It’s a very personal and small complaint, yet I can’t stand the local flatbread and find it indigestible. So it took me a while to find out there are bakeries in Amman that can make something else than pita bread, kaek or tasteless toast bread. The whole proper bread search here is complicated, as you need to order or go someplace special for a loaf.

Places & Events You Need to Know

Jalaad Cultural Center and their art gallery – I wrote a post about it recently and want to mention it here as well. If you want to see what Arab art is about, you definitely should visit this place, forget about the Jordan National Gallery. It’s 45 min. drive from Amman, a private collection contains more than 1000 paintings and sculptures of international and Arab painters.

Mistaka – to buy the most delicious, freshest dairy and cheese. I’m not joking, it’s the best place. They have a sort of an open house on Saturdays where you can come, from 11 am till 2 pm, to try and choose aged cheese, halloumi, yogurt, and labneh.

Cattleman’s Joe – brisket burgers are amazing, as well as the modern Texas bar interior and old cowboy movies on big screens but I should warn you that the portions are enormously huge, a person with a regular stomach can’t eat 250gr of brisket at once and have side dishes!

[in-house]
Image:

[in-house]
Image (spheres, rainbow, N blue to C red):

If you liked this article, please also see the other posts in this series. Thanks a lot to Anastasia!

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6 Replies to “A Russian in Jordan”

  1. Hello
    She knows about Jordan and Jordanian more than me.
    You are welcome and hope you are having a good time.

  2. My first visit to Amman was in April 2018, I was there for three weeks with my husband. Since my husband was there for business most of the time, I was left to fend for myself. Even though I made a friend on Facebook prior (An American women I meet on, Expats Living in Jordan) to going, I knew I would have to rely on public transport, the taxis. You can get a private, driver, but a 10 min road trip could run 7jds each way. The traffic in Amman is a nightmare! What I learned when using the taxi drivers is, before you get into their car you must ask if the meter works. Trust me, this is very important. Some drivers will hide it or say, “it’s broken”, do not get in unless you have negotiated a cost for your ride. Taxi drivers are known to cheat you! I didnt mind the “ talkers”, they are filled with knowledge of their country. I learned a lot about Jordan during my rides. Some drivers even helped me to pronounce words correctly. For me the taxi drivers are great to talk with! Enjoy Jordan it is a beautiful country! Please go with your mind open to knowledge!